Ever since the news about the Panama papers came out the media has been buzzing. It brought Iceland’s prime minister’s political career to an end, banks that are involved are under fire and around the world there is a general atmosphere of anger and frustration directed at the rich and powerful. What has been brought to the surface by these findings is deemed corrupt and immoral. And I am not going to argue that.
But is the desire of the ultra rich to hide their money from the tax collectors really the core of the problem? Will putting in stricter and stronger regulations solve the problem? In my opinion, not really.
To understand what lies underneath all this we need to first look at a couple of topics before we tie it all together.
If I would tell you: do you want a million dollars? I don’t think you would say no. I even assume that there is a very big chance that the idea of having a million dollars brings up feelings of safety, security and a reduction of stress. Unless you belong to the super rich and than it probably sounds as pocket money.
It appeals to our desire to save money for when things get rough. Having money in a savings account serves as a buffer for financially uncertain times. Something that in today’s society is always looming around the corner for most people. And yet, no one really enjoys saving, right? Wouldn’t it just be more fun if we could spend the money we earn on great food, travelling or our hobbies? But that would be dangerous! What would happen if we all of a sudden lost our job? Or become severely ill?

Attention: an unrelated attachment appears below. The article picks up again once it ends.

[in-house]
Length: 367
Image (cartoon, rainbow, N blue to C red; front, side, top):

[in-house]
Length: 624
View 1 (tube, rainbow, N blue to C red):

So we save. And the more we save, the safer we feel. And after a while, the number in our savings account can become addictive. For some people, seeing that number grow becomes a goal because you can never save too much.
In most cases, when people start to amass wealth, they also start hanging out with a different crowd. These people become their peers. When we always hang out with the same people, we start to identify with them. When we always talk with the same people and we have the same ideas, these ideas will become more extreme. Isolation and agreement on a set of ideas is also one of the ways how extremists are made.
All this taken together easily explains why the super rich think that it’s up to you to become successful, that everyone can be as successful as they are. Because they all made it, didn’t they? And they worked hard for it. And that’s what drives success. These are all things they agree upon and if they don’t engage with people outside of the wealthy ranks enough then these ideas become entrenched. Then radical ideas like ‘if you are poor then it is solely your own fault’ become truths because everyone they know and trust agrees with them.
And the result of that is to create a divide between ‘us’, the hard working upper class, and ‘them’, the lazy poor who just don’t want to put in the necessary work. An objectification has taken place.
The path to immorality
People do not move from caring, loving individuals into power hungry manipulators overnight. And even power hungry manipulators don’t see themselves that way most of the time. Most people, yes, even the ones we love to hate, act the way they do because they truly believe they are doing the right thing or at least that it’s not really wrong.